These statistics show young people are gravitating in larger numbers to a lifestyle that is much more urban than past generations did. Walkable streets, vibrant public spaces and accessible amenities are beginning to replace the two-car garage and sprawling front-yard dream. The cities Winnipeg often loses its young people to, the places we compete with for investment, immigration and tourism are looking to the future, reacting to and investing in these changing trends.
I am surprised how many people who are in their 20s and 30s aspire to leave Saskatoon still. They want to live in Calgary, Vancouver, Toronto, or Montreal for the very reasons that Bellamey is mentioning; walkable neighbourhoods, excellent public transit, bike lanes and vibrant public spaces. None of them mention the phrase “starter home” or time of commute in their discussions.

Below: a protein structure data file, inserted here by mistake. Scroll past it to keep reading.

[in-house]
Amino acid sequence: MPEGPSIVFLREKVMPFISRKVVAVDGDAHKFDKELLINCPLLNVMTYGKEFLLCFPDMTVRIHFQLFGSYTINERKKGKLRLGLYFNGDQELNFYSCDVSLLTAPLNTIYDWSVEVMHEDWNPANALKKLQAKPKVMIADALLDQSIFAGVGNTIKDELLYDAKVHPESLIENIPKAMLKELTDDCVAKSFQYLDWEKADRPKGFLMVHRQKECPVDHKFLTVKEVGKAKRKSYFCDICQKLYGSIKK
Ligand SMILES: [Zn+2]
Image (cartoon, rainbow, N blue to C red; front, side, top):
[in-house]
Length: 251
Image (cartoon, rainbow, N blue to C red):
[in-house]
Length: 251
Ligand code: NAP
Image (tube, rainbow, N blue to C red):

It seems like Saskatoon is trying to build the dream city of the past rather than the future. It is a decision that we could really come to regret, especially as cities like Calgary, Edmonton, Ottawa, and even Winnipeg (which has a far superior transit service compared to ours) continues to pull ahead.
Let me put it this way, either Calgary, Toronto, Vancouver, Edmonton, Ottawa, Winnipeg and Halifax are correct is striving to build cities that can attract global talent (and therefore become more prosperous) or Saskatoon’s method of building more roads and lowering taxes is.
Even more important than that, for Canada to survive, we must attract the best talent from around the world. So we need the top graduating engineers in Shanghai or Dubai or Mumbai to say, “I can be at the top of my profession in Canada, and that’s a place I want to live.” We need the financiers to come to Toronto and Calgary as much as they go to Wall Street. And for those people to make those sorts of decisions, we have to have great places to live.